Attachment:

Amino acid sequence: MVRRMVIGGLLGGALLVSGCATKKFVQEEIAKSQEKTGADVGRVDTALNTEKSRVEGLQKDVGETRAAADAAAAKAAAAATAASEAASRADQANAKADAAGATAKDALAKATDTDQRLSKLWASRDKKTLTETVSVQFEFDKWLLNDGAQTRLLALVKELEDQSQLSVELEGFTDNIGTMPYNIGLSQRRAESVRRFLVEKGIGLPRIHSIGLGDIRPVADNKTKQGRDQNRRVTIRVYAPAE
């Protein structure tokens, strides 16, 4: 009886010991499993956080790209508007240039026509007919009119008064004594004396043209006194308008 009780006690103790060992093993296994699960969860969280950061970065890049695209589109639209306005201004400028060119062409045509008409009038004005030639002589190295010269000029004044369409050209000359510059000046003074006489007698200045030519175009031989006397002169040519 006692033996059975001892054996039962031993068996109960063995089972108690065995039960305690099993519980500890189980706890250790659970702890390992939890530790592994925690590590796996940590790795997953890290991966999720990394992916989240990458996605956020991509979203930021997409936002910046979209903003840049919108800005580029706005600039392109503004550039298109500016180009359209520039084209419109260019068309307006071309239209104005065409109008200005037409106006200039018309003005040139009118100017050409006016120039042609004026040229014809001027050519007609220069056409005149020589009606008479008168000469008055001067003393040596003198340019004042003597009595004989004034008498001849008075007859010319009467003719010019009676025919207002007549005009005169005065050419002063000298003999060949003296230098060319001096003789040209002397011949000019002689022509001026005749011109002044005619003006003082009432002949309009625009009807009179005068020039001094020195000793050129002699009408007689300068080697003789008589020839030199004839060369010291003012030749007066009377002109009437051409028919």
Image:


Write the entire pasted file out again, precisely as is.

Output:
Amino acid sequence: MVRRMVIGGLLGGALLVSGCATKKFVQEEIAKSQEKTGADVGRVDTALNTEKSRVEGLQKDVGETRAAADAAAAKAAAAATAASEAASRADQANAKADAAGATAKDALAKATDTDQRLSKLWASRDKKTLTETVSVQFEFDKWLLNDGAQTRLLALVKELEDQSQLSVELEGFTDNIGTMPYNIGLSQRRAESVRRFLVEKGIGLPRIHSIGLGDIRPVADNKTKQGRDQNRRVTIRVYAPAE
């Protein structure tokens, strides 16, 4: 009886010991499993956080790209508007240039026509007919009119008064004594004396043209006194308008 009780006690103790060992093993296994699960969860969280950061970065890049695209589109639209306005201004400028060119062409045509008409009038004005030639002589190295010269000029004044369409050209000359510059000046003074006489007698200045030519175009031989006397002169040519 006692033996059975001892054996039962031993068996109960063995089972108690065995039960305690099993519980500890189980706890250790659970702890390992939890530790592994925690590590796996940590790795997953890290991966999720990394992916989240990458996605956020991509979203930021997409936002910046979209903003840049919108800005580029706005600039392109503004550039298109500016180009359209520039084209419109260019068309307006071309239209104005065409109008200005037409106006200039018309003005040139009118100017050409006016120039042609004026040229014809001027050519007609220069056409005149020589009606008479008168000469008055001067003393040596003198340019004042003597009595004989004034008498001849008075007859010319009467003719010019009676025919207002007549005009005169005065050419002063000298003999060949003296230098060319001096003789040209002397011949000019002689022509001026005749011109002044005619003006003082009432002949309009625009009807009179005068020039001094020195000793050129002699009408007689300068080697003789008589020839030199004839060369010291003012030749007066009377002109009437051409028919």
Image: